Buy Within My Range or Get the Most Home? - Posted by Buddy

Posted by Carol on December 21, 2000 at 08:14:48:

Who are these investment geniuses who are giving you advice and why are you listening to them?

I would suggest that you read R. Kiyosaki’s book, Rich Dad Poor Dad before you go any farther.

In short, go for a situation which builds your passive cash flow. Invest first and let that pay for the “house of your dreams” later.

Generally, if you have a lease on your rental property, 75% of that income will usually be taken into account for qualifying.

good luck.

Buy Within My Range or Get the Most Home? - Posted by Buddy

Posted by Buddy on December 20, 2000 at 22:31:12:

I live in a townhome and want to move into a SFH with my fiancee. I’d like to keep the townhome and rent it out ($100 positive cash flow a month). If I buy the SFH and keep the townhome, I would spend around $170K on the SFH. If I sell the townhome I would spend $225K on the SFH. People at work are telling me that the best thing to do is to buy the most home I can get in an area that is going up the fastest. They said I’d make the most in equity this way. However, I’m thinking that a cheapie starter home at $170K that keeps my monthly payments low would be better even if it doesn’t appreciate as fast. Plus I’d have my townhome producing a small cash flow each month. Thoughts on this?

Also, the people at work are telling me that I wouldn’t qualify for bank financing on a SFH if I kept the townhome - I guess there’s some 30% percent rule they use. Thoughts on this?

Re: Buy Within My Range or Get the Most Home? - Posted by Jim Locker

Posted by Jim Locker on December 21, 2000 at 09:27:55:

Let me add to some of the other comments.

How secure is your job? What is your fallback position?

Personally, I think we are headed into an economic downturn, and probably the real estate market will soften - in some areas, considerably. If you buy in an area that has shown rapid appreciation in prices, you COULD find yourself on the wrong side of the slope if that area retrenches.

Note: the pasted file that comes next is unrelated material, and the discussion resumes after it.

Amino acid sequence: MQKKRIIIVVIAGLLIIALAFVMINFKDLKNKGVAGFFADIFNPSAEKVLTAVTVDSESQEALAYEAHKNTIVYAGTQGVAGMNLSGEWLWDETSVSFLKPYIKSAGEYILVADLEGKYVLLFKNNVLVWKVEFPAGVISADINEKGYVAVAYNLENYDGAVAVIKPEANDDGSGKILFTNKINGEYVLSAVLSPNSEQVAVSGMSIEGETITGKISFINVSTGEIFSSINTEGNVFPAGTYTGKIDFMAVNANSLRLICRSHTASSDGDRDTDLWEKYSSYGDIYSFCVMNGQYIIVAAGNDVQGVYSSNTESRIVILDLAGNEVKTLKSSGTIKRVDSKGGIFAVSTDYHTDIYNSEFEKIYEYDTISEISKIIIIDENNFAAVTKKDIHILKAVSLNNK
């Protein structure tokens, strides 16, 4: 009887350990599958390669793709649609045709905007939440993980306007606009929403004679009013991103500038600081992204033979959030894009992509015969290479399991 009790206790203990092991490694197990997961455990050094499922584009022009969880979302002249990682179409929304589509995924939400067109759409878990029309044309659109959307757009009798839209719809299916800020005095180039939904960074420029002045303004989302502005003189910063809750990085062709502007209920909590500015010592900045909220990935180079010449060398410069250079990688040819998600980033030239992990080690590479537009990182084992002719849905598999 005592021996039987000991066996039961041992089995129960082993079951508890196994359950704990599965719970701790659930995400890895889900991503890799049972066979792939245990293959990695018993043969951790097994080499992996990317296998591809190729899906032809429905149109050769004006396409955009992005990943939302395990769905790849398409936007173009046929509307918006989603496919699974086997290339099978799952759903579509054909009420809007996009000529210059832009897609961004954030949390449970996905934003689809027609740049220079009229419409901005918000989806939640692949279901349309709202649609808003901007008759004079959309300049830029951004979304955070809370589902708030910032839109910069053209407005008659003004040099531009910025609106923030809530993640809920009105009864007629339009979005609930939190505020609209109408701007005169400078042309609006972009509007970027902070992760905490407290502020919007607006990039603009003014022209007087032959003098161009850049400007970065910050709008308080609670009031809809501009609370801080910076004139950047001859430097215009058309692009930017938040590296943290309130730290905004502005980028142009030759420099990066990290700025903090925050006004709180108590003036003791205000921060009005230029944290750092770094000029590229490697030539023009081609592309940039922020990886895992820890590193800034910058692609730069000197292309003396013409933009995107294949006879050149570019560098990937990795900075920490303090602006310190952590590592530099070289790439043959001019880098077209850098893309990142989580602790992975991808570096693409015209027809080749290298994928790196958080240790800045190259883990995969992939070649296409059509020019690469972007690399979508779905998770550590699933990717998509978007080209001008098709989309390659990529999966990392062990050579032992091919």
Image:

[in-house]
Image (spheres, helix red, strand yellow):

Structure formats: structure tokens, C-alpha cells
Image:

I would recommend not purchasing something that causes you to get extended. You need to have a fallback position available if something goes wrong. And periodically, in this business, something DOES go wrong.

Re: Buy Within My Range or Get the Most Home? - Posted by Quinton (IN)

Posted by Quinton (IN) on December 21, 2000 at 09:17:45:


I would ALWAYS take the lesser of the homes that MIGHT appreciate in value! Right now our economy might be slipping for a few years, and the amounts that people were paying for a home, will NOT go up as in past years.

Since my first home, (hehe) I am always for buying a home that is at most 2 times my salary. That way if the economy tanks real bad, I can still afford things!

Re: Buy Within My Range or Get the Most Home? - Posted by dewCO

Posted by dewCO on December 21, 2000 at 09:10:29:

Carol is right on the qualifying. 75% of the lease will go to off set your loan debt and HOA monthly payment on the TH. I would think the spread between the $170 and $225 purchase prices wouldn’t need to be that large. However the anser to which is better depends on whether you are more conservative and less I think. There isn’t any right answer it’s what allows you to sleep best at night.

I would think you could get a SF house that doens’t max you out, that would appreciate as much as a $225k house, I know I could in my area. Also, hopefully you know enough about your HOA that you aren’t goig to get any surprises there with any special assessments or large increase in dues any time soon.

The idea in Kiyoski’s book is that your own home is not an income producing asset and therefore it is a liablity and you wan to limit or exclude all your liabilites in order to create wealth. Therefore he says if you have to buy with a loan, don’t max yourself out, so you still have cash flow to make investments that will enable you to create wealth. Most people live over the this line, he feels, and that is why most people have no wealth and acculmulate lots of debt and liabilities, i.e. credit card debt, car payment debt, etc.